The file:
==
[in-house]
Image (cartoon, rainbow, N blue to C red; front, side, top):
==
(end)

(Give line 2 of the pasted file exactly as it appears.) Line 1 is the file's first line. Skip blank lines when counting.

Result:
Image (cartoon, rainbow, N blue to C red; front, side, top):